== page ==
Mag Bag: 'OK!' Loses $450K A Week
OK! Loses $450K A Week
The American edition of Northern + Shell's OK! lost an average of about $450,000 per week last year, according to the New York Post, which cited figures from the British government's agency for tracking corporate performance. The government organization, Companies House, said Northern + Shell's U.S. operations -- which consist solely of OK, a weekly celebrity glossy -- lost a total $23.4 million in 2008. That means it's on course to lose a total $130 million by its four-year anniversary in August, making it more expensive than Conde Nast's failed business magazine Portfolio.
This news is bad but not surprising, given the magazine's well-publicized struggle to break even over the last year, as newsstand sales plunged from 700,000 in summer 2008 to just 300,000 by fall. This has resulted in a number of high-profile shakeups in the magazine's masthead, which have accelerated during the economic downturn, as N + S (like other publishers) finds it more difficult to borrow money because of the credit crunch.
The revolving door at OK! has seen the entry and exit of Kent Brownridge, formerly of Alpha Media, publisher of Maxim, who served from September 2008-January 2009; Editor in Chief Susan Toepfer, who lasted from October 2008-January 2009; and creative director Jason Oliver Nixon, who led all-important cover design for less than a month from May-June of this year. Almost all of the editors recruited by Brownridge and Toepfer were also fired.
In fairness, Brownridge and Toepfer had a difficult job, as Northern + Shell mandated big cost cuts that scaled back editorial budgets for exclusive celebrity photos and scoops, the premium content of the genre. In a sign of impending trouble, Brownridge tried to cut costs by switching to double issues in December and January. He also slashed the cover price from $3.49 to $2.99, to no avail.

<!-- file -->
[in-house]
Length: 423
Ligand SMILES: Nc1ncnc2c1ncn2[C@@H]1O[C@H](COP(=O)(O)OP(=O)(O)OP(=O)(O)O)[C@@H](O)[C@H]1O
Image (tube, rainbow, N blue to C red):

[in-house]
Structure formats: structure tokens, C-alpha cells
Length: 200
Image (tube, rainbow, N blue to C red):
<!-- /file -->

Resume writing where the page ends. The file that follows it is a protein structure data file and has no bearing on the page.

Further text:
Rupert Murdoch Sells Weekly Standard
While his media portfolio shows a certain ideological consistency, Rupert Murdoch isn't a sentimental sort, as demonstrated by his decision to sell The Weekly Standard, a noted journal of conservative opinion. The magazine, which has a circulation of about 83,000, was sold to Clarity Media Group, which plans to boost the title's circulation by an unspecified amount. The magazine launched in 1995 under the editorial direction of prominent conservative pundit William Kristol.
Men's Health Intros More Content via Mobile
Men's Health is building on earlier innovation in the area of print-mobile interactivity with a new feature that allows iPhone users to access a variety of Men's Health content providing more detail on the magazine's editorial content. The iPhone app delivers text, photos, directions, and interactive progress measurement, expanding on workout tips in the magazine. At $1.99, it also promises to bolster Rodale's circulation revenue, an increasingly important source of income for magazine publishers beset by steep declines in ad pages.
In April of last year, Men's Health introduced advertising that can be "read" by the cameras on many mobile devices, allowing the reader to take a picture, send it to the publisher, and receive more information or take advantage of a promotional offer. The ad is processed by an image-recognition computer program created by SnapTell. The promotional information tailored to the specific ad is then immediately sent to the consumer.
Crain's New York Business Cuts 5 Issues
Feeling the advertising squeeze, Crain's New York Business is slimming down by five issues this year, from 51 to 46. This includes six double issues, an increasingly popular strategy that allows magazine publishers to save money on production and distribution. Some of the double issues are scheduled for national holidays including July 4th, Labor Day, Thanksgiving and New Year's.